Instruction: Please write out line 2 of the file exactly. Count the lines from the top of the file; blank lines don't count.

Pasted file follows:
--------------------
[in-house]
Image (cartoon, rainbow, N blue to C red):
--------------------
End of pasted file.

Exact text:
Image (cartoon, rainbow, N blue to C red):